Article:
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>>850671
this is probably my favorite webm of all, i mean, look at the fucking intensity of the thrust after lift-off
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Fwoosh
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>>888661
Absolutely god tier movie. Everyone should watch it at least once.
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>>850653
>Took 14 seconds for the sound to reach them in that video
>Sound travels at around 340.29 m / s
>They were 4764 meters away or almost ~3 miles.
>Still so deafeningly loud

Holy shit is right.
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>>888686
Rocket/shuttle launches are the coolest. I was once at cocoa beach with my family and we saw the space shuttle launch miles away. As it was clearing the stratosphere (?) a hearty boom hit us. I'd like to live closer to cape Canaveral one of these days as the space industry kicks into gear.
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I always wonder why they don't bolt down the pool chairs
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>>888679
YOU CANT SAY THIS AND NOT GIVE THE SOURCE
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>>888695
Damn, it's such a shame they cancelled the shuttle program. If you read about what caused them to fail they were both quite avoidable, one was just because they were pressured to launch when it was too cold.
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>>890951
Koyaanisqatsi
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>>891066
Sorry to disagree but that movie was shit. It smacked so hard of a contrived art project. We watched it in a creative writing course in college. She asked us what we thought and this old guy in the back of the room that looks like William Burroughs said, and I quote, "It felt like that movie was de-creating me." Such an apt review.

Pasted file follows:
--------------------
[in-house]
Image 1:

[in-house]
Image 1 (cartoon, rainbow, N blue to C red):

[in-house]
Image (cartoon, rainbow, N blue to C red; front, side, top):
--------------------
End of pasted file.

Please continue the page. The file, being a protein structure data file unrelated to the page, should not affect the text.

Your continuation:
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>>891073
you're shit

t͏bh I didn't really like the film itself but the music is absolutely godly
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>>891345
Music does not a movie make. If I can save one of these anons from wasting time on it I will be satisfied. Save your self some time and go get a Philip Glass record.
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>>848288
>after eating at Arby's
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>>891971
More like >>850668 tb͏h
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>>851129
FUUUUUUUCK
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>>888705
wait a second.
is there a thunderbirds remake or something.
googling now.
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>>848288

wow!!!
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>>850672
the fueltank returns on the Earth?
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>>865803